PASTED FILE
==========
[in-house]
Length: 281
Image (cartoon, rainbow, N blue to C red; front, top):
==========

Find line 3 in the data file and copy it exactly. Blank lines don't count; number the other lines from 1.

Image (cartoon, rainbow, N blue to C red; front, top):